sahasra śirasaṁ śvetam praṇamāmi patañjalim
I bow to the lotus feet of the gurus,
The awakening happiness of one’s own self revealed,
Beyond better, acting like the jungle physician,
Pacifying delusion, the poison of Samsara.
Taking the form of a man to the shoulders,
Holding a conch, a discus, and a sword,
One thousand heads white,
To Patanjali, I salute.
The closing prayer:
svastiprajābhyaḥ paripālayantāṁ nyāyena mārgeṇa mahīṁ mahīśāḥ
gobrāhmaṇebhyaḥ śubhamastu nityaṁ lokāḥ samastāḥ sukhinobhavantu
May the leaders of the Earth protect in every way by keeping to the right path.
May there be goodness for those who know the Earth to be sacred.
May all the worlds be happy.
Ashtanga Vinyasa provides a structure for practice, and in a typical class one does not deviate from this structure. They start with the suryanamaskars and end with padmasana and rest. The asanas gradually fill the space between these two. The teacher provides proper guidance at an individual level, and ensures that the asana alignment and breath are correct before moving to the next one. Students practice by themselves in the prescribed structure while the teachers observe. The guided classes led by teachers are also interspersed routinely.
According to the gurus, anyone can practice Ashtanga Vinyasa Yoga irrespective of age, gender or sickness as long as it is taught at a pace suitable to the individual by a knowledgeable teacher. At its core it is fundamentally a breathing practice, alongside asanas. It is a progressive practice and asanas are offered as the student becomes ready. Saving any serious illness or injury, the student works though the sequence one after another. With awareness of the counter indications for every asana one can master limitations and physical blocks, thereby unraveling the Self.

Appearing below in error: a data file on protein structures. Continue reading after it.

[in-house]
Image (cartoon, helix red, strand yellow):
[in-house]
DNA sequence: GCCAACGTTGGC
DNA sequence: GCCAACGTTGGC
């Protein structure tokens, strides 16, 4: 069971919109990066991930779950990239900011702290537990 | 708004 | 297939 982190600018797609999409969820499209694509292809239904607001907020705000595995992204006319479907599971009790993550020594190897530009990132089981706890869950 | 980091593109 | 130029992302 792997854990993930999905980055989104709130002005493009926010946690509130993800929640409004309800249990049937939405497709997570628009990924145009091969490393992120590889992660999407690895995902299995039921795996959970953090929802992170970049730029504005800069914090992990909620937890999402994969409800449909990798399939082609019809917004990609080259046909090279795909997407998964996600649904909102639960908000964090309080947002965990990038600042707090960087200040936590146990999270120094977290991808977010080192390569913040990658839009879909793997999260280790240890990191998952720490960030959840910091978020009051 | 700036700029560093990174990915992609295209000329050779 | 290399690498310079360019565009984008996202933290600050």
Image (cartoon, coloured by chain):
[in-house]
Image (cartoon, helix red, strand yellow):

The movement of the body along with breath, heats up the blood and helps it circulate freely, taking away pain. The sweat produced as a result removes toxins from the body, thereby building health and strength. Breathing is held steady during rechaka (inhalation) and puraka (exhalation) alongside the asana, in order to purify the nervous system. Drishti or point of focus, stabilizes the functioning of the mind. The air and fire element are considered two important factors for cleansing the body. The fire element is at the abdominal region and considered the standing place of our life force. The breathing is then the air element that stokes the fire evenly to control the internal fire to aid in purification and stabilize the autonomous nervous system.
The mula and the uddiyana bandhas form an integral part of the breathing process. They are the anal lock and the lower abdominal lock that help seal energy and give health and strength to the body. For complete benefit of the asanas and building an automatic mind control, these bandhas need to be practiced.
Ashtanga Vinyasa hence provides a strong foundation for higher practices of pratyahara, dharana, dhyana, samadhi as prescribed in the yoga sutras.